Crowdfunding of commercial products is having a lengthy day in the sun at the moment. It has emerged from years of great success in small markets, such as the pen and paper gaming and indie publishing industries, and people are now applying the same models to fields where much more money is involved. Quite successfully too, some raising millions in what amount to well-run and timely preorder campaigns for products yet to be built. The range of endeavors open to crowdfunding of course includes scientific research, which is why it is a topic that shows up here every now and again:
If you can raise money for books, art projects, and widgets, why not for discrete life science research projects with determined goals? The LongeCity (previously the Immortality Institute) crowd have been trying this for some years, with a great deal of success considering the limited audience of this community in comparison to the audience available through Kickstarter. It is sad but true that far more people are brought to a state of excitedly opening their wallets for the development of an iPhone widget than for any sort of biotechnology project, even one that will contribute to the reversal of aging.
If you have a dedicated community, then you want to turn that dedication into professional organizations and the funds to run them. This is always going to be a messy, organic process of development, but which perhaps may be open to improvement through the spread of a more formalized crowdfunding culture. But in any case, I wanted to expand on the point made in the quote above - that crowdfunding for scientific research is a radically different undertaking from crowdfunding for development of a commercial product. This seems worth emphasizing, given that a whole range of startups and new ventures seem to be trying to port over crowdfunding into the sciences pretty much as-is, or with just a few embellishments. Like these, for example:
What we can hope for from this wealth of effort is that some groups figure out the magic formula that will make science funding work in this environment - and make it work with the same degree of liquidity and interest as in commercial projects. Experimentation is clearly needed, however.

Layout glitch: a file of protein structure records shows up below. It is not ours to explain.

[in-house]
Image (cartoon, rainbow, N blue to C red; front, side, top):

The basic point of divergence between crowdfunding a product versus crowdfunding research is that in the former case the funders are definitively buying something concrete: that is their motivation and incentive. They are putting down money in expectation that what they are doing is submitting a preorder. Variations on the preorder theme are legion, but they all boil down to paying for a definitive item, a which will usually have fairly solid delivery date. Scientific research is notoriously bad when it comes to delivering on both those points, however. The work that is most amenable to crowdfunding consists of small projects that only incrementally add value to their fields - and which may not even do that, given the necessarily high failure rate for research.
The challenge facing science crowdfunding is the same challenge faced by scientific advocates at all times: they do their part to grow communities of supporters and encourage those supporters to pay for research work. That work will give no immediate result, the eventual result may be hard for supporters to understand, it will likely not benefit them for some time, if ever, and in addition to all of that the undertaking will quite likely fail. Science is a high risk endeavor, with few short-term payoffs that people find rewarding - and thus it is a hard sell when held up against the allure of immediate gratification, candy, and shiny objects.
But technological progress is the only thing that matters, not today's pretty baubles that are made possible by past successes in science. Funding of science has to be made to work if we want to continue on this upward curve to longevity, wealth, and expansion of what it means to be human.
Despite all of the challenges, the old messy, organic way of funneling money into scientific projects does in fact make progress. People who care about the end result, something decades away, do step up to fund science. You might look at our little community of longevity science enthusiasts for example, making noise and raising somewhere north of $14 million over the past eight years for organizations and initiatives like the Methuselah Foundation, the New Organ Prize, and the SENS Foundation. Knowing that this is possible, and regardless of the fact that it is hard, very hard, to convince people to open their wallets for science, you have to look at what's happening in the crowdfunding space right now and think that fundraising for science could all be made easier - if someone just goes about it in the right way, builds the right tools, hits the right business model, pulls together the right sort of seed community.
And maybe so. I've watched most of a decade of a small community funding research, and the cryonics advocates have watched much the same thing for far longer, but I don't have any good answers - and I'm not sure that they do either. So it is a good thing that a number of venture funded and bootstrapped groups are working on this; they'll have a few years of runway to work on finding the key to the problem, and we'll all benefit should one of them come up with a good way forward.